September 17, 2019

Is Staying in Public Accounting Until Making Manager Worth It?

You should stay until you at least make manager.

How many times have you heard those words? Whether in a partner’s office or at the bottom of a happy hour drink, it also seems as though your best interests are being put first. But really, is that the case?

Before the comments state “every market is different, how dare you make a generalization,” guess what? I’m going to generalize. Sorry, but unless a 2nd year senior in St. Louis emails me with market data, I have no data to base an opinion on. I write about what I know, and what I know is financial services. Kapeesh?


(Send me info…please).

Let’s compare the career paths of two auditors, Jeff and Tanya. Both started at the same time and are now 2nd year senior associates, entering into that dark year before potential promotion to manager (notwithstanding personal performance or economic indicators, of course).

Both had “the talk” with leadership about their respective careers and receive the you should stay to make manager conversation. Jeff decides to stay and put in at least another year to receive the promotion, but Tanya decides to enter into the private industry. Fast forward a few years:

Tanya, 2006 college graduate, CPA

Fall 2010: Four years of public accounting experience

Fall 2010: Lands job in private industry

Fall 2011: In private industry

Fall 2012: Still in private industry, wants a new job

Jeff, 2006 college graduate, CPA

Fall 2010: Four years of public accounting experience

Fall 2010: Stays in public accounting

Fall 2011: Stays in public accounting, promoted to manager

Fall 2012: Still in public accounting, wants a new job

Make the following assumptions:

• Tanya received a market-rate bump in pay when she left public (10-15%).
• Tanya stayed in the “typical” career path with someone with her experience (i.e. she didn’t leave financial services audit to work for Teach for America).
• Tanya did not receive a promotion while in private (although possible).
• Jeff stayed for a year after making be promoted because he bought into the “you need to stay one year after making manager” mantra.

Now, who do you think is the more attractive candidate for a job in private for someone with six years of financial services experience? Discuss below. My opinion and follow up will kick off Monday’s blog post.

If you’re reading this from the (un)comfort of your desk, please let me know why in the world you’re not doing one of the following:

a. Drinking with interns
b. Drinking with strangers at a crowded World Cup bar
c. Instituting your own summer hours and – yup, you guessed it – drinking

Cheers to your weekend and the World Cup team of your choice.

You should stay until you at least make manager.

How many times have you heard those words? Whether in a partner’s office or at the bottom of a happy hour drink, it also seems as though your best interests are being put first. But really, is that the case?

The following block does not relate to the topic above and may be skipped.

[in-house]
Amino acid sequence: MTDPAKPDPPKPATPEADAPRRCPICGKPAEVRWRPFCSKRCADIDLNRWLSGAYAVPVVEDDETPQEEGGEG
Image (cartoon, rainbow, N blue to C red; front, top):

Before the comments state “every market is different, how dare you make a generalization,” guess what? I’m going to generalize. Sorry, but unless a 2nd year senior in St. Louis emails me with market data, I have no data to base an opinion on. I write about what I know, and what I know is financial services. Kapeesh?


(Send me info…please).

Let’s compare the career paths of two auditors, Jeff and Tanya. Both started at the same time and are now 2nd year senior associates, entering into that dark year before potential promotion to manager (notwithstanding personal performance or economic indicators, of course).

Both had “the talk” with leadership about their respective careers and receive the you should stay to make manager conversation. Jeff decides to stay and put in at least another year to receive the promotion, but Tanya decides to enter into the private industry. Fast forward a few years:

Tanya, 2006 college graduate, CPA

Fall 2010: Four years of public accounting experience

Fall 2010: Lands job in private industry

Fall 2011: In private industry

Fall 2012: Still in private industry, wants a new job

Jeff, 2006 college graduate, CPA

Fall 2010: Four years of public accounting experience

Fall 2010: Stays in public accounting

Fall 2011: Stays in public accounting, promoted to manager

Fall 2012: Still in public accounting, wants a new job

Make the following assumptions:

• Tanya received a market-rate bump in pay when she left public (10-15%).
• Tanya stayed in the “typical” career path with someone with her experience (i.e. she didn’t leave financial services audit to work for Teach for America).
• Tanya did not receive a promotion while in private (although possible).
• Jeff stayed for a year after making be promoted because he bought into the “you need to stay one year after making manager” mantra.

Now, who do you think is the more attractive candidate for a job in private for someone with six years of financial services experience? Discuss below. My opinion and follow up will kick off Monday’s blog post.

If you’re reading this from the (un)comfort of your desk, please let me know why in the world you’re not doing one of the following:

a. Drinking with interns
b. Drinking with strangers at a crowded World Cup bar
c. Instituting your own summer hours and – yup, you guessed it – drinking

Cheers to your weekend and the World Cup team of your choice.

Have something to add to this story? Give us a shout by email, Twitter, or text/call the tipline at 202-505-8885. As always, all tips are anonymous.

Related articles

Promotion Watch ’19: Marcum Adds 16 New Partners

While Major League Baseball teams expanded their rosters on Sept. 1, Marcum expanded its partner roster on Sunday, calling up 16 men and women to the big leagues. This year’s new partner class is by far the firm’s largest since 2010. The only one that comes close is 2017’s 13 promotions. Let’s take a look […]